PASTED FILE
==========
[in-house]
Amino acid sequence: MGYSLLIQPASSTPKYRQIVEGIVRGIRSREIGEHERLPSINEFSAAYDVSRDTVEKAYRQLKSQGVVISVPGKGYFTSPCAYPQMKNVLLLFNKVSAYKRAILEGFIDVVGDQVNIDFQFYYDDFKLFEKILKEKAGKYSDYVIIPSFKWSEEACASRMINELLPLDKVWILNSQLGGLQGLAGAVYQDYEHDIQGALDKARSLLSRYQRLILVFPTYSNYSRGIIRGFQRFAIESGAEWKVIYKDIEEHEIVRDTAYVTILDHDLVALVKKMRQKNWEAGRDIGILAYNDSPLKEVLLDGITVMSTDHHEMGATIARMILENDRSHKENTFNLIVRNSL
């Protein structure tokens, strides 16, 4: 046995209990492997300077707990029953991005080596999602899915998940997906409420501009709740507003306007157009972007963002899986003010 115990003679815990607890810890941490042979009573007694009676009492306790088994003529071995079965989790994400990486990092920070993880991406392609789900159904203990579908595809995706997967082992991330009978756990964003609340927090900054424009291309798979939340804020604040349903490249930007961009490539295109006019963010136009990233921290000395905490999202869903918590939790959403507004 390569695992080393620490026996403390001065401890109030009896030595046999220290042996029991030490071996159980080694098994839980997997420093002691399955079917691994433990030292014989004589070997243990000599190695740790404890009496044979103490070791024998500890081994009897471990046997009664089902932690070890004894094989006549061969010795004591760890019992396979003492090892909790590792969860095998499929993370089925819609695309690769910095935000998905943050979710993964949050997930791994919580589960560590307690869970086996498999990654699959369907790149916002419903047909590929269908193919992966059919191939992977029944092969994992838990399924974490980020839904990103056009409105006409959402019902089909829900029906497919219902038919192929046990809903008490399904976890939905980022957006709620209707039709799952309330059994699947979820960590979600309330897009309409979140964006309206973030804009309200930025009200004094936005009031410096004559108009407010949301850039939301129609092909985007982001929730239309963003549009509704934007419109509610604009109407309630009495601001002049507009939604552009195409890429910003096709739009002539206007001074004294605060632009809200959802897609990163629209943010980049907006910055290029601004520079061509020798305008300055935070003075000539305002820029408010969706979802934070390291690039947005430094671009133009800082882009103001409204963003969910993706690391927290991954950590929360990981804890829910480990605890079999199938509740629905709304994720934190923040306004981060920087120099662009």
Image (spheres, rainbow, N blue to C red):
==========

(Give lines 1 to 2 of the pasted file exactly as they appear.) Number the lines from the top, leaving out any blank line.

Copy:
[in-house]
Amino acid sequence: MGYSLLIQPASSTPKYRQIVEGIVRGIRSREIGEHERLPSINEFSAAYDVSRDTVEKAYRQLKSQGVVISVPGKGYFTSPCAYPQMKNVLLLFNKVSAYKRAILEGFIDVVGDQVNIDFQFYYDDFKLFEKILKEKAGKYSDYVIIPSFKWSEEACASRMINELLPLDKVWILNSQLGGLQGLAGAVYQDYEHDIQGALDKARSLLSRYQRLILVFPTYSNYSRGIIRGFQRFAIESGAEWKVIYKDIEEHEIVRDTAYVTILDHDLVALVKKMRQKNWEAGRDIGILAYNDSPLKEVLLDGITVMSTDHHEMGATIARMILENDRSHKENTFNLIVRNSL